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Increased ethylene production by overexpressing phosphoenolpyruvate carboxylase in the cyanobacterium Synechocystis PCC 6803
Uppsala University, Disciplinary Domain of Science and Technology, Chemistry, Department of Chemistry - Ångström, Molecular Biomimetics. (Mikrobiell kemi)
Uppsala University, Disciplinary Domain of Science and Technology, Chemistry, Department of Chemistry - Ångström, Molecular Biomimetics. (Mikrobiell kemi)ORCID iD: 0000-0002-6413-1443
Natl Renewable Energy Lab, Biosci Ctr, Golden, CO USA.
Uppsala University, Disciplinary Domain of Science and Technology, Chemistry, Department of Chemistry - Ångström, Molecular Biomimetics. (Mikrobiell kemi)ORCID iD: 0000-0001-7256-0275
2020 (English)In: Biotechnology for Biofuels, ISSN 1754-6834, E-ISSN 1754-6834, Vol. 13, article id 16Article in journal (Refereed) Published
Abstract [en]

Background: Cyanobacteria can be metabolically engineered to convert CO2 to fuels and chemicals such as ethylene. A major challenge in such efforts is to optimize carbon fixation and partition towards target molecules.

Results: The efe gene encoding an ethylene-forming enzyme was introduced into a strain of the cyanobacterium Synechocystis PCC 6803 with increased phosphoenolpyruvate carboxylase (PEPc) levels. The resulting engineered strain (CD-P) showed significantly increased ethylene production (10.5 +/- 3.1 mu g mL(-1) OD-1 day(-1)) compared to the control strain (6.4 +/- 1.4 mu g mL(-1) OD-1 day(-1)). Interestingly, extra copies of the native pepc or the heterologous expression of PEPc from the cyanobacterium Synechococcus PCC 7002 (Synechococcus) in the CD-P, increased ethylene production (19.2 +/- 1.3 and 18.3 +/- 3.3 mu g mL(-1) OD-1 day(-1), respectively) when the cells were treated with the acetyl-CoA carboxylase inhibitor, cycloxydim. A heterologous expression of phosphoenolpyruvate synthase (PPSA) from Synechococcus in the CD-P also increased ethylene production (16.77 +/- 4.48 mu g mL(-1) OD-1 day(-1)) showing differences in the regulation of the native and the PPSA from Synechococcus in Synechocystis.

Conclusions: This work demonstrates that genetic rewiring of cyanobacterial central carbon metabolism can enhance carbon supply to the TCA cycle and thereby further increase ethylene production.

Place, publisher, year, edition, pages
2020. Vol. 13, article id 16
National Category
Microbiology
Identifiers
URN: urn:nbn:se:uu:diva-392232DOI: 10.1186/s13068-020-1653-yISI: 000513591700001PubMedID: 32010220OAI: oai:DiVA.org:uu-392232DiVA, id: diva2:1347569
Funder
NordForsk, 82845Available from: 2019-09-01 Created: 2019-09-01 Last updated: 2020-03-25Bibliographically approved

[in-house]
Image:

In thesis
1. Increased Carbon Fixation for Chemical Production in Cyanobacteria
Open this publication in new window or tab >>Increased Carbon Fixation for Chemical Production in Cyanobacteria
2019 (English)Doctoral thesis, comprehensive summary (Other academic)
Abstract [en]

The combustion of fossil fuels has created many environmental problems, the major one, the greenhouse effect. Thus, we need solutions in order to replace fossil fuels and recycle the CO2 in the atmosphere. Renewable energies have created attention the last decades but electricity is the main energy form obtained. Photosynthetic organisms (including cyanobacteria) can be used as cell factories since they can convert solar energy to chemical energy. In addition, the requisites to grow them are few; light water, CO2 and inorganic nutrients. Cyanobacteria have been genetically engineered in order to produce numerous chemicals and fuels of human interest in direct processes. However, the amount of product obtained is still low. Increased carbon fixation in cyanobacteria results in higher production of carbon-based substances. This thesis focuses on the effects of overexpressing the native phosphoenolpyruvate carboxylase (PEPc) in the model cyanobacterium Synechocystis PCC 6803. PEPc is an essential enzyme and provides oxaloacetate, an intermediate of the tricarboxylic acid cycle (TCA cycle). The TCA cycle is involved in connecting the carbon and nitrogen metabolism in cyanobacteria. The strains were further engineered to produce ethylene and succinate, two examples of interests for the chemical and fuel industry. Strains with additional PEPc produced significantly more ethylene and succinate. Moreover, an in vitro characterization of PEPc from the cyanobacterium Synechococcus PCC 7002 was performed. The focus was on oligomerization state, kinetics and the structure of the carboxylase. This thesis demonstrates that increasing carbon fixation and discovering the bottlenecks in chemical production can lead to higher yields and gives us hope that cyanobacteria can be commercialized.

Place, publisher, year, edition, pages
Uppsala: Acta Universitatis Upsaliensis, 2019. p. 65
Series
Digital Comprehensive Summaries of Uppsala Dissertations from the Faculty of Science and Technology, ISSN 1651-6214 ; 1848
National Category
Engineering and Technology
Identifiers
urn:nbn:se:uu:diva-392234 (URN)978-91-513-0736-7 (ISBN)
Public defence
2019-10-18, Häggsalen, Ångströmlaboratoriet, Lägerhyddsvägen 1, Uppsala, 09:15 (English)
Opponent
Supervisors
Available from: 2019-09-25 Created: 2019-09-01 Last updated: 2019-10-15

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